- I also use the NOLS SOAP NOTES app – which helps me to remember the training.
- I am hopelessly inured to my iPhone. But as a communications tool, it is an impressive tool for note taking, texting, phone calls, taking photos of sails, people, cool places. Greg Brown wrote in a song, “there’ll be one corporation selling one little box it’ll do what you want and tell you what you want and cost whatever you got” and I think we are pretty close.
- On the water though, I rely more on a VHF radio than I do the phone – at least for communicating with other boats, race committee’s, shore bases, coaches, etc. They have gotten pretty sophisticated, but I think long battery life and durability are the biggest considerations. I have long used the Standard Horizon HX850s, and the features including DSC, GPS etc. are great – but I don’t often use them. The ICOM M73 is in the running for my next VHF. The small size and big battery are attractive.
Repair Kit and Tools
- As for as essential go, my repair kit is my multi-tool. The Leatherman Wave has long been the best thing going, although I love the light weight, sharp blade and generally usefulness of the Skeletool has made it a daily carry for me too. I tend to bring extra shackles, 10′ of spectra (5mm), an assortment of ring dings and the white tape. Frankly if I had to pick one… it would be white tape.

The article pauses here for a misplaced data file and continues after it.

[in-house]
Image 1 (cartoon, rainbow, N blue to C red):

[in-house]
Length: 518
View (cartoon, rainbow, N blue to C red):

- A Cliff Bar has made its way into my bag (or PFD pocket) as a permanent addition. Even if I don’t need it, it is there to give to someone else in a pinch.
- Two quarts (liters) daily is a reasonable minimum; in hot weather or if you are really active (like when racing), 6 quarts may not be enough. I have been shocked at the number of boats I get on that have plenty of beer but NO water. Bring your own and bring plenty of it.
Personal Flotation Device
- It is a PERSONAL flotation device. I don’t rely on the owner have a good lifejacket for me, so I make sure I bring my own. I just can’t imagine getting on a boat without my PFD anymore. In fact, most of what is listed on this Ten Essentials list lives in or on my PFD. I have been wearing Astral PFD’s for 10 years or more. They are durable, have great features and come from a very cool company (I’ve started wearing their shoes religiously too.). My current favorite model is the Sea Wolf. It’s front pocket hold almost everything listed here so it is a no brainer. I miss some of the technical features of their burlier PFD’s, but the lightweight and cool wearing Sea Wolf has been a real winner in my book. In the end though – get whatever PFD you will wear all the time. All the features in the world don’t matter if you don’t wear it.
OK, so there are Ten Essentials that you shouldn’t leave the dock without. There are plenty of things I add when I go racing or cruising, but the list above doesn’t change.